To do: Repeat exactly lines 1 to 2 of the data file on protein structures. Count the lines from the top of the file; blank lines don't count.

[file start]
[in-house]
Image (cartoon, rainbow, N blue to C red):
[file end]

[in-house]
Image (cartoon, rainbow, N blue to C red):